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Budget 2023: AAP to boycott President’s customary address in Parliament today

The President addresses members of both Houses in the Parliament’s Central Hall on the first day of a session.

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New Delhi [India], January 31 (ANI): Aam Aadmi Party (AAP) will boycott the customary address of President Droupadi Murmu to the joint sitting of both Houses in Parliament on Tuesday, calling her speech “a bundle of false promises and false claims by the Narendra Modi Government.”

Taking to Twitter, AAP MLA Sanjay Singh on Tuesday said that the party is boycotting Murmu’s address because her speech is a “bundle of false promises” and “false claims” by the Narendra Modi-Government.
“Hon’ble President’s speech is a bundle of false promises and false claims by the Modi Government. In this, there is not a word of her own. Modi government has proved to be a failure on every front, so @AamAadmiParty will boycott the President’s address,” Singh said.

The party’s MPs will stay out of the Parliament House at the time of the address. There is a total of 10 MPs of the party in the Parliament.

The President addresses members of both Houses in the Parliament’s Central Hall on the first day of a session.

It will be the maiden address by President Droupadi Murmu to the joint sitting of Lok Sabha and Rajya Sabha.

The party will present its side by holding a press conference at Vijay Chowk at 12 noon, the AAP leader added.

In the latest instance of its continued face-off with the central government, ahead of the crucial Telangana Assembly elections later this year, the ruling Bharat Rashtra Samithi (BRS) also has decided to boycott the customary address by the President.

Union finance minister Nirmala Sitharaman will table the pre-Budget document in the Parliament, half an hour after the President’s address.

The Economic Survey document, prepared by the Economic Division of the Department of Economic Affairs in the Ministry of Finance and formulated under the supervision of the chief economic adviser V Anantha Nageswaran, will give insights into the state of the economy and various indicators in the current financial year 2022-23 (April-March) and outlook for the next year.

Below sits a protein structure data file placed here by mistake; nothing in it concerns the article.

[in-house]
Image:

The session will have 27 sittings and will continue till April 6 with a month-long recess to examine the budget papers.

The session will take place in two parts with the first part concluding on February 13. The second part will be held from March 13 and will conclude on April 6.

The government held an all-party meeting on Monday in which the opposition parties raised issues of their concern.

The first part of the session would also see a discussion on the Motion of Thanks to the President Address. Prime Minister Narendra Modi will reply to the debate in both Lok Sabha and Rajya Sabha.

The government will also push its legislative agenda in the budget session.

According to government records, 26 Bills are currently pending in the Rajya Sabha and nine in the Lok Sabha.

Amongst the 26 Bills pending in the Rajya Sabha, three Bills have already been passed by Lok Sabha including the Inter-State River Water Disputes (Amendment) Bill, 2019, the Constitution (Scheduled Tribes) Order (Third Amendment) Bill, 2022 and the Constitution (Scheduled Tribes) Order (Fifth Amendment) Bill, 2022.

The bills which haven’t been referred to any parliamentary scrutiny and are pending for passage include the Tamil Nadu Legislative Council (Repeal) Bill, 2012, the Readjustment of Representation of Scheduled Castes and Scheduled Tribes in Parliamentary and Assembly Constituencies (Third) Bill, 2013, the Delhi Rent (Repeal) Bill, 2013, and the Constitution (Scheduled Tribes) Order (Amendment) Bill, 2019.

However, the session is expected to be stormy with the opposition parties raring to corner it on a range of issues including those related to Adani stocks and BBC documentary and the government stating that it is willing to discuss all the issues permitted by the Chair.

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